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New Diagnosed Anemia Linked to Crohn’s Disease Risk

By LabMedica International staff writers
Posted on 28 Sep 2020
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Image: Comparison of histology between ulcerative colitis and Crohn’s disease (Photo courtesy of R. J. Xavier & D. K. Podolsky).
Image: Comparison of histology between ulcerative colitis and Crohn’s disease (Photo courtesy of R. J. Xavier & D. K. Podolsky).
Inflammatory bowel disease (IBD) includes Crohn’s disease (CD) and ulcerative colitis (UC). IBD is a chronic inflammatory gastrointestinal disorder that involves complex interactions among genetic, environmental, immunological, and microbiological factors.

Anemia can be caused by a variety of etiologies such as iron deficiency, chronic diseases, vitamin B12 or folate deficiency, and genetic factors. Anemia is a known risk factor for cardiovascular diseases, dementia, and chronic medical illness, leading to an increase in all-cause mortality.

Medical scientists from the Seoul National University College of Medicine (Seoul, South Korea) conducted a population-based study from a database for patients during 2009, during which time 9,962,064 individuals older than 20 years, who participated in the national health screening program. Anemia was defined as a hemoglobin level less than 13 g/dL in men and less than 12 g/dL in women. The investigators compared the rate of newly diagnosed IBD in anemic and non-anemic patients.

The team reported that during the mean follow-up period of 7.3 years, the incidences of CD and UC in anemic patients were 2.89 and 6.88 per 100,000 person-years, respectively. The risk of CD was significantly higher in anemic patients than in non-anemic individuals [adjusted hazard ratio (aHR), 2.084; 95% confidence interval (CI), 1.769–2.455]. The risk of CD development was inversely proportional to the hemoglobin concentration. A J-curve relationship was observed between age and the risk of CD in anemic patients. The risk of CD in male anemic patients was significantly higher than that in female anemic patients (aHR, 1.432 versus 1.240, respectively). By contrast, there was no statistically significant difference in the risk of developing UC in anemic and non-anemic individuals (aHR, 0.972; 95% CI, 0.880–1.073).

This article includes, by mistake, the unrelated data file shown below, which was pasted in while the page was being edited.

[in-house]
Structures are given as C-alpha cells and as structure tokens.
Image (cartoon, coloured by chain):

The risk of CD development was correlated with the severity of anemia as determined by the hemoglobin level. When patients were stratified with respect to hemoglobin levels, the risk of CD was 3.3 times higher in the lowest 10% group than in the highest 10% group. Jong Pil Im, MD, PhD, a professor of Internal Medicine and a senior author of the study, said, “To the best of our knowledge, this is the first epidemiological study to demonstrate the association between anemia and the development of inflammatory bowel disease in the general population.”

The authors concluded that patients with anemia, especially newly developed anemia, were associated with an increased risk of developing CD, not UC. The risk of developing CD was inversely proportional to the hemoglobin level, which was a marker for anemia severity. A J-curve relationship was observed between age and the risk of developing CD among anemic patients, similar to that observed for the incidence of CD based on age. The study was published on September 8, 2020 in the journal PLOS ONE.

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Seoul National University College of Medicine

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